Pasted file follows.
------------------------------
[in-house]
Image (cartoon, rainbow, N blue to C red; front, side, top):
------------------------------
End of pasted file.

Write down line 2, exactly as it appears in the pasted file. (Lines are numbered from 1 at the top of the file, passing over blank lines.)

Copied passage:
Image (cartoon, rainbow, N blue to C red; front, side, top):